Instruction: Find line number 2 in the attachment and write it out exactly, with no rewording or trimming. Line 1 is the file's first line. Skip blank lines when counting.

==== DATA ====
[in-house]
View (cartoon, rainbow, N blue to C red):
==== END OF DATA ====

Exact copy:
View (cartoon, rainbow, N blue to C red):